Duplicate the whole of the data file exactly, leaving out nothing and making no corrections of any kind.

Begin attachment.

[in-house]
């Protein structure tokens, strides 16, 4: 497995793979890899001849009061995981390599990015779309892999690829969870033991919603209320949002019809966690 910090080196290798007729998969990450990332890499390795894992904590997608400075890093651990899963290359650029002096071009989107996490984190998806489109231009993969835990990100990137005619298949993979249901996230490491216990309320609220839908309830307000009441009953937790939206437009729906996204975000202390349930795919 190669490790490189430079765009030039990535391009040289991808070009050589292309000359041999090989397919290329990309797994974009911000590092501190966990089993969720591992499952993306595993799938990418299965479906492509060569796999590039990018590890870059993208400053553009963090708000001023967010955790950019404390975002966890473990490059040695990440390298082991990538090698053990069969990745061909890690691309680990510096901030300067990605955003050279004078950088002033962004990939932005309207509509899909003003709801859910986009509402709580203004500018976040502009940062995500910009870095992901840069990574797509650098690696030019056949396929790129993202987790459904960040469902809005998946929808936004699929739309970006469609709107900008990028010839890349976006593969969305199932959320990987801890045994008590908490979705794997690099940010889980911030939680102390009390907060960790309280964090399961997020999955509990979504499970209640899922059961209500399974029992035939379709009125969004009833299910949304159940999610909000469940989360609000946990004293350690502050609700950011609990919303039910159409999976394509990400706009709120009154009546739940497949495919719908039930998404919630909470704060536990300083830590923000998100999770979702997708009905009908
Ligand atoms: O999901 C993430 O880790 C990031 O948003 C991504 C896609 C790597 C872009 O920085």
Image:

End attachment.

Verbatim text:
[in-house]
């Protein structure tokens, strides 16, 4: 497995793979890899001849009061995981390599990015779309892999690829969870033991919603209320949002019809966690 910090080196290798007729998969990450990332890499390795894992904590997608400075890093651990899963290359650029002096071009989107996490984190998806489109231009993969835990990100990137005619298949993979249901996230490491216990309320609220839908309830307000009441009953937790939206437009729906996204975000202390349930795919 190669490790490189430079765009030039990535391009040289991808070009050589292309000359041999090989397919290329990309797994974009911000590092501190966990089993969720591992499952993306595993799938990418299965479906492509060569796999590039990018590890870059993208400053553009963090708000001023967010955790950019404390975002966890473990490059040695990440390298082991990538090698053990069969990745061909890690691309680990510096901030300067990605955003050279004078950088002033962004990939932005309207509509899909003003709801859910986009509402709580203004500018976040502009940062995500910009870095992901840069990574797509650098690696030019056949396929790129993202987790459904960040469902809005998946929808936004699929739309970006469609709107900008990028010839890349976006593969969305199932959320990987801890045994008590908490979705794997690099940010889980911030939680102390009390907060960790309280964090399961997020999955509990979504499970209640899922059961209500399974029992035939379709009125969004009833299910949304159940999610909000469940989360609000946990004293350690502050609700950011609990919303039910159409999976394509990400706009709120009154009546739940497949495919719908039930998404919630909470704060536990300083830590923000998100999770979702997708009905009908
Ligand atoms: O999901 C993430 O880790 C990031 O948003 C991504 C896609 C790597 C872009 O920085």
Image: